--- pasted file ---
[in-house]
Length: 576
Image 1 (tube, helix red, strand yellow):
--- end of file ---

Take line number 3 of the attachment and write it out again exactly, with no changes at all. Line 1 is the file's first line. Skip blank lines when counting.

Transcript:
Image 1 (tube, helix red, strand yellow):